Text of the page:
When Maggie MacGowen was a girl, her sister, Emily, lived the life of a leftist radical on the run from the FBI. Twenty-two years after the FBI finally caught her, Emily lives in Los Angeles, a doctor at a free clinic that tends to the city’s down and out. When one of her old radical buddies comes out of hiding and surrenders to the police, their long-ago crimes become front-page news. Emily calls Maggie, now a documentary filmmaker, and asks her to come visit. By the time Maggie arrives in Los Angeles, Emily is nearly dead.
The bullet, delivered point blank in broad daylight, sent Emily into a coma. It seems a random act of violence, but Maggie digs deeper. She finds dark secrets in her sister’s past, and a conspiracy that won’t end until all those who ask questions are silenced.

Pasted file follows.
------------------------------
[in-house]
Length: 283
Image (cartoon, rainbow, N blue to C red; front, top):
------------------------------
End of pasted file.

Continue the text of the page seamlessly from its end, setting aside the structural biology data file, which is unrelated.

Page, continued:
Any additional comments?
As a vet of the wild side of the 60s, I am honor bound to check all books claiming to represent. Hornsby does as well and maybe a bit better than most writers, but that doesn't grade out higher than B. Hornsby's done her homework, but certain moments - the fragging of a gung ho brother, for instance - don't quite make it. She's borrowed from real-life events (the bombing of the math building at Univ. Wisconsin; the townhouse explosion that killed a posse of weathermen in the Village) and snatches lingo from the sexual revolution; but it doesn't quite add up to more than the sum of its parts. Unfortunately, the reader's nasal voice wears thin too quickly.